Rahimi was involved in five shootings over two months in and around Arlington, Texas, U.S. Circuit Judge Cory Wilson noted. When police identified Rahimi as a suspect in the shootings and showed up at his home with a search warrant, Rahimi admitted both to having guns in the house and being subject to a domestic violence restraining order that prohibited gun possession, Wilson wrote.

But even though Rahimi was hardly “a model citizen,” Wilson wrote, the law at issue could not be justified by looking to history. That's the test Justice Clarence Thomas laid out in his opinion for the court in Bruen.

The appeals court initially upheld the conviction under a balancing test that included whether the restriction enhances public safety. But the panel reversed course after Bruen. At least one district court has upheld the law since the Bruen decision.

Rahimi’s case, and the subject of domestic violence may offer the government the optimal situation for defending gun restrictions, said Hashim Mooppan, a former Justice Department official in the Trump administration.

“If the government could have picked a case to be the first post-Bruen case, I think they would have picked this case and this statute,” Mooppan said at a Georgetown Law School preview of the year’s big cases.

But supporters of Rahimi said the appeals court got it right when it looked at American history and found no restriction close enough to justify the gun ban.

They also object to the hearing process under which restraining orders can be issued as insufficiently protective of the rights of people like Rahimi.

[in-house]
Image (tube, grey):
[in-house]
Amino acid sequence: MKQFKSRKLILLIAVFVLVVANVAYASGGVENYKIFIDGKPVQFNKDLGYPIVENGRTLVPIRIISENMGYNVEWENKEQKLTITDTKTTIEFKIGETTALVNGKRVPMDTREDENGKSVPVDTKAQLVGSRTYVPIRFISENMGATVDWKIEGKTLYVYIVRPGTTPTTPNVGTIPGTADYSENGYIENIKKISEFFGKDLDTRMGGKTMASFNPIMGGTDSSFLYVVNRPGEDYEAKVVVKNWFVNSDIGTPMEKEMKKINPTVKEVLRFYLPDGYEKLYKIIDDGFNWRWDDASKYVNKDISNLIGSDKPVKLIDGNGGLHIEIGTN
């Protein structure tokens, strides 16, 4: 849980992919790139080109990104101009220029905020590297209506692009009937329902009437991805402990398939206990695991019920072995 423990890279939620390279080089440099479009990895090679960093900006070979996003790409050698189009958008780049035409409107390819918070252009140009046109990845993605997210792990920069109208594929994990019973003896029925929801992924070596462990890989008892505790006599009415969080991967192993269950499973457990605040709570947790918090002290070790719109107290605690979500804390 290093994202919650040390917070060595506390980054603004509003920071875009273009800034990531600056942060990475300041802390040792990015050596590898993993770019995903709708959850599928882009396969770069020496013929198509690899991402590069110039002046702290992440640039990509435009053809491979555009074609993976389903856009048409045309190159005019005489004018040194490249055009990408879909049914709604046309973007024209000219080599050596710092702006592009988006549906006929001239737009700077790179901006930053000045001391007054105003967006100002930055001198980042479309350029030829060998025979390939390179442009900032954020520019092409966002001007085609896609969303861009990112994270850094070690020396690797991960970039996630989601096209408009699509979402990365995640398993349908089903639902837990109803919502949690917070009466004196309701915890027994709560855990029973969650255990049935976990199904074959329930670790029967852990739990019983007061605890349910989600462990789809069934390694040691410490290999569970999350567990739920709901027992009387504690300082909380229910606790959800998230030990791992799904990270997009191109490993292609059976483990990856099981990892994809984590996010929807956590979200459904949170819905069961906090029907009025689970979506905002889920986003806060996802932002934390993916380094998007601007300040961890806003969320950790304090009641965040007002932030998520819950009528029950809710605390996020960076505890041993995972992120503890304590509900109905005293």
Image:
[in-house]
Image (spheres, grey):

“It is sort of a truism that our commitment to due process and the rule of law means very little if we don’t assure that everybody gets due process,” said Clark Neily, a vice president at the libertarian Cato Institute who authored a brief on Rahimi's side.

The Bruen decision has led to upheaval in the legal landscape with rulings striking down more than a dozen laws, said Jacob Charles, a law professor at Pepperdine University in Malibu, California. Those include age restrictions, bans on homemade “ghost guns” and prohibitions on gun ownership for people convicted of nonviolent felonies or using illegal drugs.

The court's decision in the Rahimi case could have widespread ripple effects, including in the high-profile prosecution of Hunter Biden. The president’s son has been charged with buying a firearm while he was addicted to drugs, but his lawyers have indicated they will challenge the indictment as invalid following the Bruen decision.

"It has the potential to be pretty impactful,” Charles said. While it’s possible the high court could hand down a decision on the Rahimi case alone, it seems “the court is realizing that it’s just going to keep having these cases if they decide this narrowly.”

Glenn somehow survived the shooting with no damage to her brain and was released from the hospital after three days. But she and her son lived in fear for several months, before Cedric Glenn took his own life with the same gun.

She wrote in her book, “Everything I Never Dreamed,” that the shooting transformed her life and motivated her to work to prevent other women from suffering similar abuse.

“We're saying that the one thing that can protect them is a protection order that says somebody must have their gun removed,” Glenn said on the sidewalk outside the court. “We’re just increasing the risk to them when we’re not removing the very thing that is threatening to them .”